Lynchburg Family Medicine Residency, Virginia, United States
Men and women who tout the value of poetry like to refer to a stanza in William Carlos Williams’ famous love poem, “Asphodel, That Greeny Flower”, written in 1947:
It is difficult
To get the news from poems
Yet men die miserably every day
Of what is found there.1
If what the physician-poet writes is true, then perhaps physicians—who are in the business of saving lives—ought to devote more attention to poems. At the very least they should determine what Williams means by these lines. Two questions to consider: what news in poems might save a patient’s life? Might save a doctor’s life? First, a few words about Williams.
William Carlos Williams, one of the most influential poets of the 20th century, was also a pragmatic physician who practiced family medicine and obstetrics in Rutherford, New Jersey, where he cared for many poor ethnic families. His busy medical practice in the early 20th century inspired many of his poems. Between patients, Williams often scribbled lines of poetry on prescription pads. How did he manage to write volumes of poetry and to see volumes of patients? In his autobiography, he explains:
“That is why as a writer I have never felt that medicine interfered with me but rather that it was my very food and drink, the very thing which made it possible for me to write. Was I not interested in man? There the thing was, right in front of me. I could touch it, smell it. It was myself, naked just as it was, without a lie telling itself to me in its own terms.”2
In his recent biography, “Something Urgent I Have to Say to You”: The Life and Works of William Carlos Williams, Herbert Leibowitz elaborates: “What most distinguished Williams was his drive to turn himself into a masterful American poet. He brought the same intellectual focus to that Herculean task as he did to deciding what sickness lay beneath a patient’s recital of symptoms.”3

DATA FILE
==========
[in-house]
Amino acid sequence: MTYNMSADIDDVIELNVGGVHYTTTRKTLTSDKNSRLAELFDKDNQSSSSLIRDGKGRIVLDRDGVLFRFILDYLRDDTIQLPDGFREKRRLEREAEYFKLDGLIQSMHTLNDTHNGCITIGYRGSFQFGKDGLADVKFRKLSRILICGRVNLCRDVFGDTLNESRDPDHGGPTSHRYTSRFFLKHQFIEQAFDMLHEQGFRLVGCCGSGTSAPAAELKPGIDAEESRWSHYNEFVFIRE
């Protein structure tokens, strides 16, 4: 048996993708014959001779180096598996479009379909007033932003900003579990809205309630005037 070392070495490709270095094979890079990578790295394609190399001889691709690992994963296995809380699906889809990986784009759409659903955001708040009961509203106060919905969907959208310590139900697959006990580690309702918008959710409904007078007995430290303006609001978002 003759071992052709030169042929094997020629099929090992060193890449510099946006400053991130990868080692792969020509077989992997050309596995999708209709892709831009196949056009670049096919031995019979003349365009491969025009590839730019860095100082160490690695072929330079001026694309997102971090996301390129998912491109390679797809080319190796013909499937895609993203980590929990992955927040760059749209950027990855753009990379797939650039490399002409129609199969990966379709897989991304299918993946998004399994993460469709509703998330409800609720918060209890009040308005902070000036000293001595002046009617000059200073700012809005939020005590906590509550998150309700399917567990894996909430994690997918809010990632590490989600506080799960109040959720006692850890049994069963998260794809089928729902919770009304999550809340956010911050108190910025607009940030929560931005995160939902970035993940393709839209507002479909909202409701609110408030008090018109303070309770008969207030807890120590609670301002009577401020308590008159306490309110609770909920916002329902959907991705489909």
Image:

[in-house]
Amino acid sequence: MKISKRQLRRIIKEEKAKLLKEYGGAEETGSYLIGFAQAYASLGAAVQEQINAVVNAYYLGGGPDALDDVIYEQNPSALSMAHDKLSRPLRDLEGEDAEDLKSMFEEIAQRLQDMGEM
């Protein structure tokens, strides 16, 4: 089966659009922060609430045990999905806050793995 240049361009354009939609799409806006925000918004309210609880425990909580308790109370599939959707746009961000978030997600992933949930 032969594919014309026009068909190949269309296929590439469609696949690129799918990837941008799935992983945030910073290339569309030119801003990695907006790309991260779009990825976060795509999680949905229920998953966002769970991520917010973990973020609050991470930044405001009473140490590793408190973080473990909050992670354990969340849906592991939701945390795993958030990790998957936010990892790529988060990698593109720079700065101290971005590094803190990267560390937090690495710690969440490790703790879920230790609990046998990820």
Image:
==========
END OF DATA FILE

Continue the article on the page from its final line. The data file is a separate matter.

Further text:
In the verse above, Williams presses the reader to reflect deeply on one word: “news.” What kind of news is he talking about? Not the kind of news reported in newspapers or magazines. Not the news found in medical journals. For Williams, news is a metaphor for the emotions, feelings, and perceptions that are communicated in a poem. Through language, rhythm, rhyme, and figures of speech, poets like Williams create emotional pictures, images that help readers to understand the emotions of characters portrayed in poems, and also their own inner lives.
How does this understanding save lives? When physicians develop the skills to read poems and process poetic images, they may become more adept at reading the emotions of their patients, picking up subtle hints of depression, for example, and thus saving the lives of suicidal patients. Reading poetry with skill and care increases emotional intelligence.
In her short poem, “Passage,” Marilyn Donnelly creates an emotional image of a daughter watching her father grow old:
Took the steps
On each tread
Who love him so
Am filled with dread.4
On the steps is an aging father or husband. He is different from the physically active man of earlier years; different from the man who ran on the treadmill of life. In the past, he may have moved so fast it was difficult to see the subtle changes that were occurring: new wrinkles on his skin, a slowly receding hairline, a slightly bulging abdomen. Instead of taking the stairs two steps at a time, he now pauses on each tread—tired, slow, uncertain of his next step. No longer is he climbing the corporate ladder as an ambitious executive or racing upstairs to help a child with homework- now he is physically impaired, possibly on a slow passage to heaven. His daughter mourns the loss of the man who once raced up the stairs, the man once active, vigorous, and full of life.
As a general internist reading this poem, I see the man on the stairs differently than the way I see him in the office. In a few short lines, I understand how the man’s aging affects his daughter who loves him so much. The news I get from the poem reminds me that one day I will also be on the same tread, that busy physicians used to taking the hospital stairs by two will one day pause on each tread. That understanding increases my empathy for the man on the stairs, empathy I will carry to the next frail patient I see.
The news I get from this poem also urges me to slow down for patients like the man on the stairs. It calls me to slow down for the daughters and sons who are grieving for the loss of the strong father they once knew and loved. These patients and their families need more than ten minutes in the office to air their stories. By empathically listening to them, I am better equipped to make subtle diagnoses like alcohol abuse or dementia—diagnoses that may help to save their lives. I am better equipped to understand their personal values and possibly prevent a patient’s miserable death on a mechanical ventilator. In short, reading poems with attention strengthens the empathic muscles I use every day as a physician to lift up patients from illness and despair. Empathy saves lives.